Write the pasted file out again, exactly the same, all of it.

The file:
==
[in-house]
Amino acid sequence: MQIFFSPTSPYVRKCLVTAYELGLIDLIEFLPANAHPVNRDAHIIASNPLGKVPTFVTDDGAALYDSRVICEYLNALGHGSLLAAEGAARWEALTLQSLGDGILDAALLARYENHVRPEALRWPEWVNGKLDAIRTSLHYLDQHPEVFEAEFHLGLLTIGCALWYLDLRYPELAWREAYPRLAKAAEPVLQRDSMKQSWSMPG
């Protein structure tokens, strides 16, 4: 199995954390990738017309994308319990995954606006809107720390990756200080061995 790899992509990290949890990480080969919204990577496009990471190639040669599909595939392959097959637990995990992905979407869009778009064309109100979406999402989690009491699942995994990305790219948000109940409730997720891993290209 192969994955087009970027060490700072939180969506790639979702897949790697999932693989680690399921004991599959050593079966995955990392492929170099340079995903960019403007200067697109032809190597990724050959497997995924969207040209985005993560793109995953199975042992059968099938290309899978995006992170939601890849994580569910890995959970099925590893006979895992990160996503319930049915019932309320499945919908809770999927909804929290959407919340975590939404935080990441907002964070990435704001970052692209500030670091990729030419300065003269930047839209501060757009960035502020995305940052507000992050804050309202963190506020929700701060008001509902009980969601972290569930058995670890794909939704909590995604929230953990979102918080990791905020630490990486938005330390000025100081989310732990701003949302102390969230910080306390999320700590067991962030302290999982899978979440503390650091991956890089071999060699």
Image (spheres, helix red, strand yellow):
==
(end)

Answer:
[in-house]
Amino acid sequence: MQIFFSPTSPYVRKCLVTAYELGLIDLIEFLPANAHPVNRDAHIIASNPLGKVPTFVTDDGAALYDSRVICEYLNALGHGSLLAAEGAARWEALTLQSLGDGILDAALLARYENHVRPEALRWPEWVNGKLDAIRTSLHYLDQHPEVFEAEFHLGLLTIGCALWYLDLRYPELAWREAYPRLAKAAEPVLQRDSMKQSWSMPG
């Protein structure tokens, strides 16, 4: 199995954390990738017309994308319990995954606006809107720390990756200080061995 790899992509990290949890990480080969919204990577496009990471190639040669599909595939392959097959637990995990992905979407869009778009064309109100979406999402989690009491699942995994990305790219948000109940409730997720891993290209 192969994955087009970027060490700072939180969506790639979702897949790697999932693989680690399921004991599959050593079966995955990392492929170099340079995903960019403007200067697109032809190597990724050959497997995924969207040209985005993560793109995953199975042992059968099938290309899978995006992170939601890849994580569910890995959970099925590893006979895992990160996503319930049915019932309320499945919908809770999927909804929290959407919340975590939404935080990441907002964070990435704001970052692209500030670091990729030419300065003269930047839209501060757009960035502020995305940052507000992050804050309202963190506020929700701060008001509902009980969601972290569930058995670890794909939704909590995604929230953990979102918080990791905020630490990486938005330390000025100081989310732990701003949302102390969230910080306390999320700590067991962030302290999982899978979440503390650091991956890089071999060699």
Image (spheres, helix red, strand yellow):